I Guess Thats Right Agreed To Take

the risk to see if we could talk in a public forum and and I think that’s another thing that characterizes the people in that group is that they will take those sorts of risks. If you go into a television studio. A classic television studio all the conversation is scripted and it’s actually quite frustrating because you can’t have a conversation with the journalist because the journalist isn’t there who’s. There is a frontispiece for the organization and the organization has scripted all there and so it’s not actually like talking to a person.

Its Really Like Talking To A Puppet So

for better or for worse, but in these long-unscripted long-form conversations. Then you can take the risk of having a conversation and that can go spectacularly well, but it can also fail dismally. So I would say those are the things that unite us to the degree that the group exists. I mean I admit I was in UK a week ago and about seven of us got together for for dinner and that was the first time.

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  • reintegration sacred did sense
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We We Met As Anything Approximating A

group and you know it was interesting to watch everybody interact because as I said it really is a herd of cats. There’s tremendous diversity of political opinion and a tremendous diversity of personality. Like Eric Weinstein and Joe Rogan like they’re not even members of the same species in some ways you know so so. a very fractious group? But I think those things that I outlined are the elements that basically unite it.

Theres Also Something That I Sense Watching Some

of the discussions there’s a kind of intellectual curiosity and a sense of people thinking in public and and there’s also a sense of maybe the potential for people to change their minds or to discover things during the conversation well that’s partly the appreciation of the intelligence of the audience. It’s like and I would say it is actually the manifestation of the process of thinking that’s more important than the conclusions that are generated even in these discussions that I’ve been having with Harris like we are trying to to argue out to different viewpoints because Harris believes that values can be derived with with with unerring precision in some sense using the proper methodology from facts and I I believe. that it’s.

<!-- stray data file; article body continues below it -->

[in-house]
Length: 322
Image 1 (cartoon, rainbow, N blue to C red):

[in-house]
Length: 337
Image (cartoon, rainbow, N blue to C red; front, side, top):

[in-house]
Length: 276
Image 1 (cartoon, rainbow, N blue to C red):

Jordan has been thinking about that pretty much non-stop since October last year . He says mainstream media is dying at a faster and faster rate and alternative media expanding faster . Jordan says he has seen that more clearly since October party because he can see the mainstream media dying faster and more clearly . Jordan: “I’ve been thinking and I have some some solutions.& Let’s say or some ideas that I didn’t present.& In October I’ve realized that part of what’s pushing part of the pushing part is what’s accounting for this the popularity of my ideas is actually a secondary consequence of a technological revolution” Jordan: I’ve seen that . I’ve also seen that I’ve had some some some problems with the media, but I’m not going to give it a chance to get back into the mainstream. I’m looking forward to the future. I want to see it again. It’s not going away. I’ve got back to the mainstream, it’s not a problem….. Click here to read more and watch the full video